Ann, so true. I have heard so many times, "i don't want to see that, it is too disturbing". well, that is exactly what people do need to do. Sit down and watch those videos of helpless animals getting beaten or crammed into cages were they live for years. and more people we go towards vegetarianism and veganism. Both of which are always a more compassionate people.
      Why in many post is it one group or another??? To Vikingwoman "but I also don't want kids to be sold into s. e. x. slavery, or my 74 year old mom to have to continue to work because her social security barely covers rent." we do not dispute all those things are very important and so many people advocate for all different kinds of reasons, but animals are defenseless and need to be helped and protected. If someone can treat an animal horrifically, a human may be next. We all know there is a correlation between people who abuse animals and serial killers/murderers.

      July 14, 2011 at 1:53 pm | Reply
    • Jean B

      Totally agree Ann, if they've nothing to hide it shouldn't be a problem for the world to see what goes on. It is the farmers who are exercising abusive, cruel and shameful behavior towards animals who are against cameras and there are many atrocities in these places that you really don't want to think about. The more the public know about these places the better chance there is to improve them and they certainly need to improve, improve and improve some more.

      July 14, 2011 at 4:04 pm | Reply

    We should judge the morality of a country by how it treats animals.Good riddance from Prof. Singer.I guess we should ignore the inequality and desolation in our societies and consider where dog's sleep.

    Can you send me a mat because water just rushed into my bedroom?

    July 13, 2011 at 2:41 pm | Reply
    • Debbie

      Do you really think it's not possible to be concerned about more than one thing at a time? Why do people who are anti-animal welfare always make it an either/or situation? We can and do spend billions on human welfare as well.

      July 17, 2011 at 8:00 pm | Reply
    • CH

      First moron, there is no apostrophe after dog. Secondly, only concerned about humans? Well think of your sorry ass in this world where entire species are being wiped out in alarming rates, and where the environment is sick and dying. Humans (except for children and the mentally challenged) can make choices and (hopefully) defend themselves, animals cannot. WE have become the scourge, the locusts who will kill until there is nothing left. Good riddance to us!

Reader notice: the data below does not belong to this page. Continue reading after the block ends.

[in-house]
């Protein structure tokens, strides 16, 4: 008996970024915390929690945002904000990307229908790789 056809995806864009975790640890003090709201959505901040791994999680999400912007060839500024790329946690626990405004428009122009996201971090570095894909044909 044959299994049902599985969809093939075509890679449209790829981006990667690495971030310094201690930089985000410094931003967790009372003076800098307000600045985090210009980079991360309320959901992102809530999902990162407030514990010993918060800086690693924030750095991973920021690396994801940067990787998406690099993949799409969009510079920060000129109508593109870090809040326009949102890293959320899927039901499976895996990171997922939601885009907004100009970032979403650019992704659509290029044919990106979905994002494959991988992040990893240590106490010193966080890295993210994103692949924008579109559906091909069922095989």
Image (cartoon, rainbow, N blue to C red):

July 18, 2011 at 7:19 pm | Reply
  4. j. von hettlingen

    The worst of all animal cruelty is the exploitation for economic purposes. Bears, tigers and other animals are slaughtered and their organs extracted and sold to Chinese medicine men.

    July 13, 2011 at 4:14 pm | Reply
  5. tt

    What's happening to the Rhino in South Africa is inhumane and deplorable. We are on the verge of losing this magnificent animal because of the Chinese's obsession with animal medicine. May God safe this great animal for future generations!

    July 13, 2011 at 5:21 pm | Reply
    • CH

      "God" has nothing to do with it. "He" at best, seems to be disinterested.

      July 18, 2011 at 7:20 pm | Reply
  6. Publius

    I think there are much better ways to judge the progress of a civilization. While I do not condone abuse I tire of the vegan groups and their offshoots that seek to elevate animals to or above that of a person. I am tired of these holier than thou know it all's calling for extreme and costly regulation with little thought to the consequences. It amazes me how actual people are given little to no consideration when discussing medical research, food production, and other lofty ideals espoused by these enlightened individuals.